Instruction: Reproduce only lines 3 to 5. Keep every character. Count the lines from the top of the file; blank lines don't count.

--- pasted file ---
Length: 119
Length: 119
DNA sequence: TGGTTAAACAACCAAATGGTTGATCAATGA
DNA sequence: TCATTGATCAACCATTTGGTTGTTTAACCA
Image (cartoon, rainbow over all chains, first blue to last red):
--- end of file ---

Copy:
DNA sequence: TGGTTAAACAACCAAATGGTTGATCAATGA
DNA sequence: TCATTGATCAACCATTTGGTTGTTTAACCA
Image (cartoon, rainbow over all chains, first blue to last red):